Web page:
"We are fully committed to increasing diversity throughout our organization and turning this incident into a powerful learning moment for the Gucci team and beyond."


Blackface — the act of non-black people wearing makeup to try to look black — is front and center in American politics, with the VA Democratic governor Ralph Northam and Attorney General Mark Herring both admitting to having dressed up to impersonate a black person. Blackface has a racist history in the United States. It was used in minstrel shows, movies, and other forms of entertainment that sought to dehumanize African-Americans and exclude them from the entertainment industry. In an extension of the blackface issue, I learned today that US Secretary of Energy and former Governor of Texas Rick Perry’s family ranch is named Niggerhead.

In the 19th century, actors caricatured black slaves, wearing burnt cork or shoe polish on their faces to make themselves look "black." The performances "characterized blacks as lazy, ignorant, superstitious, hyper-sexual, and prone to thievery and cowardice," according to the National Museum of African-American History & Culture.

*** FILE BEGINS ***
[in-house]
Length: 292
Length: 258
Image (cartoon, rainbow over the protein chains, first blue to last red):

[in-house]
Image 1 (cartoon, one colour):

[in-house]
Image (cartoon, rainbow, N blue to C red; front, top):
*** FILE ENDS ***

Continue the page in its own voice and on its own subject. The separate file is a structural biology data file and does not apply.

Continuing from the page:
Our liberal American nerves are just fried over this racist nonsense in America. Social media posts arguing that there was no need to put red lips on the Gucci sweater — unless the intention was to create a blackface fashion statement — if one desired — resonate. AOC has a history of pushing back on what we feel is an absurd level of political correctness in our culture and fashion world. But sweaters like the Gucci one or Prada’s red lips, monkey trinket debacle from the Christmas holidays go too far.

If the minute I look at the item — as a very grownup New York white woman from Minnesota — I see blackface, trust me, the item is blackface and is put together by a design team that is culturally unaware. Gucci finances Dapper Dan, in all fairness, and is actively involved in promoting black artists. Prada’s racial history is definitely not great, but the brand has been committed to doing better in using black models both on the runway and in Prada ads.


Meanwhile, Director Spike Lee, nominated for an Oscar for his movie ‘BlacKkKlansman announced on Twitter today that he is boycotting both Prada and Gucci. Spike Lee shares a candid interview with Politico: ‘I Don’t Have the Answer’ : Spike Lee on Race in Trump’s America.